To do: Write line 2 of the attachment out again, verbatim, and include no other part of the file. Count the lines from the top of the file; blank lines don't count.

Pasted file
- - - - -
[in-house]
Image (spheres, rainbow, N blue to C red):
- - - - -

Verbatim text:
Image (spheres, rainbow, N blue to C red):